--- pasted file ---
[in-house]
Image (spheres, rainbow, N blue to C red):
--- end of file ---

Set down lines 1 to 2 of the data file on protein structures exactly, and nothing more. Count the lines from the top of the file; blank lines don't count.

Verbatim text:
[in-house]
Image (spheres, rainbow, N blue to C red):